by Steve Quinlivan | June 28, 2017
In Williams v. Ji et al, the Delaware Court of Chancery examined an alleged scheme in which the Directors of Sorrento Therapeutics, Inc. granted themselves options and warrants for the stock of five subsidiaries over which the corporation had voting control. Shortly before or after the options grants, the board transferred valuable assets and opportunities of the corporation to the subsidiaries. The subsidiary option plans and grants were not approved by the stockholders of Sorrento. The Plaintiff also claimed a voting agreement amounted to improper management vote buying.
By way of example, LA Cell, a Sorrento subsidiary, granted options to purchase 1,700,000 shares of LA Cell common stock to the Sorrento directors and a warrant to purchase 9,500,000 shares of LA Cell Class B stock with 10 to 1 voting rights to Sorrento Director Ji. The warrant and the options had an exercise price of $0.01 per share. The options and warrant gave Ji the right to purchase over 18% of the economic interest and 25% of the voting interest in LA Cell. Subsequently, LA Cell entered an exclusive licensing agreement with City of Hope, a medical research center, under which LA Cell licensed to City of Hope certain technology. Sorrento announced that the total deal value with City of Hope could be in excess of $170 million.
The Court rejected the Defendants’ characterization that these were typical compensation decisions subject to business judgment review noting that “self-interested compensation decisions made without independent protections are subject to the same entire fairness review as any other interested transaction.” Here, every member of the Board was interested in the grants. Thus, entire fairness review applied so long as Plaintiff had pled some specific facts suggesting unfairness in the option and warrant grants. Assuming the allegations were true, Plaintiff sufficiently alleged the grants were excessive given the size of the grants to Ji and the $170 million value of the City of Hope transaction.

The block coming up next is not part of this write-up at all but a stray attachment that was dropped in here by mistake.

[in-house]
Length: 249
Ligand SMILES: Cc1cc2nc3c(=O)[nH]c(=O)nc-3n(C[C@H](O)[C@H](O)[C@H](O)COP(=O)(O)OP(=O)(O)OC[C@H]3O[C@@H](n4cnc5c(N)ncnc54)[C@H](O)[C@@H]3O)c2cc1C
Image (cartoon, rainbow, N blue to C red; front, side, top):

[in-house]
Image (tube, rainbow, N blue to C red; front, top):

The vote buying allegations involved a private placement where an investor purchased 2.75% of Sorrento’s outstanding common shares. The investor executed a voting agreement that required the investor to vote the shares as directed by the Board. The Court held management may not use corporate assets to buy votes unless it can be demonstrated that management’s vote-buying activity does not have a deleterious effect on the corporate franchise.” Here, Sorrento’s Directors allegedly made the voting agreement a condition of a Sorrento capital raise and, thus, used corporate assets to buy the votes. As such, the Defendants must prove that the agreement is intrinsically fair and not designed to disenfranchise Sorrento’s stockholders.
As this was a motion to dismiss, the Court did not make any determination that any of the Defendants acted improperly.